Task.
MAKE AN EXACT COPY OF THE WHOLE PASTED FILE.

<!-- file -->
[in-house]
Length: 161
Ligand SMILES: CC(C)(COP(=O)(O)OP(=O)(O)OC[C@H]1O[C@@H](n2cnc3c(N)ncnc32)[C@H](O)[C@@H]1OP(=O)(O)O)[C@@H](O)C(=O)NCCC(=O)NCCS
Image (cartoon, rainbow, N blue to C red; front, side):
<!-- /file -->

[in-house]
Length: 161
Ligand SMILES: CC(C)(COP(=O)(O)OP(=O)(O)OC[C@H]1O[C@@H](n2cnc3c(N)ncnc32)[C@H](O)[C@@H]1OP(=O)(O)O)[C@@H](O)C(=O)NCCC(=O)NCCS
Image (cartoon, rainbow, N blue to C red; front, side):